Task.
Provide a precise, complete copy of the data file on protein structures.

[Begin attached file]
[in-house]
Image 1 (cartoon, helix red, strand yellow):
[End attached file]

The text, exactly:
[in-house]
Image 1 (cartoon, helix red, strand yellow):